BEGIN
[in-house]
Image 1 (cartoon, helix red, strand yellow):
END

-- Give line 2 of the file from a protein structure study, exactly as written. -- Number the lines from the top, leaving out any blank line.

Image 1 (cartoon, helix red, strand yellow):